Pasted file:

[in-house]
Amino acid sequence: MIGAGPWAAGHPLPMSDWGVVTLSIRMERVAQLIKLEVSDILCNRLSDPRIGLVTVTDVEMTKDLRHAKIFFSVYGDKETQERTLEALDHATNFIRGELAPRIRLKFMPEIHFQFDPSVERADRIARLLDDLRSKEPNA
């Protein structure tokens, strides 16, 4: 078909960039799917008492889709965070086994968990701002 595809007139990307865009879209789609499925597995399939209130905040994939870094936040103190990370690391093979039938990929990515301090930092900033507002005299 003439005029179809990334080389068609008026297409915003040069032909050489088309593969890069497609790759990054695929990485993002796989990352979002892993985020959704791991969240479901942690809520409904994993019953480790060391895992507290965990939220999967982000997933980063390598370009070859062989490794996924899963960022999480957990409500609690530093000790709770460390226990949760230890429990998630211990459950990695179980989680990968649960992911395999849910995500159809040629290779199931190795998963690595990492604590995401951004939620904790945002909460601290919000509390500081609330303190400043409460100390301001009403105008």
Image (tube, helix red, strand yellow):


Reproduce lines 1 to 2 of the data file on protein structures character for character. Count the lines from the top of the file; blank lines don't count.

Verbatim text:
[in-house]
Amino acid sequence: MIGAGPWAAGHPLPMSDWGVVTLSIRMERVAQLIKLEVSDILCNRLSDPRIGLVTVTDVEMTKDLRHAKIFFSVYGDKETQERTLEALDHATNFIRGELAPRIRLKFMPEIHFQFDPSVERADRIARLLDDLRSKEPNA